For those patients still experiencing symptoms after being in treatment for several weeks to months, they should discuss their progress with their treatment provider.  The DoD/VA Clinical Practice Guidelines recommend options including changing medication dose or treatment frequency, trying a different treatment approach, or getting a referral for other services.  
    While some individuals may recover from PTSD without medical intervention, treatment delivered by a qualified health care provider can help to reduce symptoms and improve daily living. Seeking professional assistance from a psychologist or psychiatrist can also help patients sort through the available treatment options to identify the ones that are best suited for them. Each patient should evaluate the available options and select the approach that seems to best fit his or her needs.
    When seeking help for PTSD, many patients want to learn more about their treatment choices. A good starting place to find information about evidence-based treatments for PTSD is the VA’s National Center for PTSD,
    1  Breslau, N., Davis, G.C., Andreski, P. and Peterson, E. (1991) Traumatic events and posttraumatic stress disorder in an urban population of young adults. Archives of General Psychiatry, 48 (3), 216–222.
    2  Resnick, H.S., Kilpatrick, D.G., Dansky, B.S. et al. (1993) Prevalence of civilian trauma and posttraumatic stress disorder in a representative national sample of women. Journal of Consulting and Clinical Psychology, 61 (6), 984–991.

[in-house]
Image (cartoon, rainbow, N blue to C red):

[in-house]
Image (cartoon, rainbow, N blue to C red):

3  Hoge, C. W., Castro, C. A., Messer, S. C., McGurk, D., Cotting, D. I., & Koffman, R. L. (2004). Combat duty in Iraq and Afghanistan, mental health problems, and barriers to care. New England Journal of Medicine, 351(1), 13-22.
    4  Frost, N. D., Laska, K. M., & Wampold, B. E. (2014). The evidence for present‐centered therapy as a treatment for posttraumatic stress disorder. Journal of Traumatic Stress, 27(1), 1-8.
    5  Monson, C. M., Fredman, S. J., Macdonald, A., Pukay-Martin, N. D., Resick, P. A., & Schnurr, P. P. (2012). Effect of cognitive-behavioral couple therapy for PTSD: A randomized controlled trial. JAMA, 308(7), 700-709.
    6  Steenkamp, M. M., Litz, B. T., Hoge, C. W., & Marmar, C. R. (2015). Psychotherapy for military-related PTSD: A review of randomized clinical trials. Jama, 314(5), 489-500.
    7. Nishith, P., Resick, P. A., & Griffin, M. G. (2002). Pattern of change in prolonged exposure and cognitive-processing therapy for female rape victims with posttraumatic stress disorder. Journal of Consulting and Clinical Psychology, 70(4), 880–886.